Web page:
Of course, you know the rest of the story. Alonso decided to try a leg kick after the recommendation of Danny Valencia in late 2016. Then he decided to start doing some damage this last offseason. And so far in 2017 Alonso has 12 home runs in 38 games. For the first time in his career he is hitting fewer ground balls than fly-balls. And his swing…
Smooth. The leg kick? Who cares. Just a timing mechanism, something that allows him keep his swing flowing. Notice the front leg. Instead of being "What do I do? What do I do?" before, it has a role and is supporting the swing. And the follow through?
Notice the broken lead wrist? The refusal to roll-over is fully back. Staying through the ball like a boss.
So what does this all mean? Let’s use the patented Brewer Bullet Point System.
The Cincinnati Reds development system stinks. I really have no proof of this and it isn’t a terribly nice thing to say, but hey this is an A’s blog and the Reds ain’t exactly killing it these days.
The biggest thing for Alonso is his renewed conviction. It would make a for a great read if I could show his swing was trash last year and it is miles different this year and the A’s for sure should lock him into a huge contract based on this. I can’t. His swing is largely the same. His swing was never bad, he was a big leaguer for goodness sakes. The changes that are there are the result of changing his intention. He wanted to start doing more damage so he quit the weenie stride-approach and slightly adjusted his swing path (and I mean slightly). Those are the result of what he wanted to do. Alonso’s changed intention changed his swing.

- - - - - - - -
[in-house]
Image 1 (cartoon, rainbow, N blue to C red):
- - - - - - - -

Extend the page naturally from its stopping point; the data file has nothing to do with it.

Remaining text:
Not everyone should just go flyball crazy. You may have noticed that there is somewhat of a "flyball revolution" going on in baseball. This was bound to happen with the stat movement and the importance of power. Still, just saying everyone should start aiming for the second deck at the Coliseum isn’t the way to go. Alonso always had the capacity to hit for power, he just had to re-align his intent to match that. This is what worked for him and it won’t work for everyone. Steve Souza has talked about his success this year is in part trying NOT to hit flyballs anymore. And there is data suggesting that hitting more flyballs - intentional or not - is hurting just as many players as it is helping (here as well). To think that we can turn say Richie Martin into a slugger is misguided.
Super props for Alonso and hitting coach Darren Bush for having the guts to try something. Yonder Alonso was a big leaguer and he still wanted to take a risk to try to get better. That’s really admirable. As a "swing guru" I would love to say that everyone who goes through a hitting change turns into an All-Star, but that just isn’t the case. Some guys don’t improve, and I’ve heard stories of guys getting worse (something Joey Votto talks about here). Alonso took a gamble and it paid off for him. A’s hitting coach Darren Bush deserves credit here too. Way too often coaches have fear-of-failure to protect their job, basically crippling them to try new things. It is really nice to to see a success story of Oakland coaching.
Well, I think that does it for this week’s Yonder Alonso story.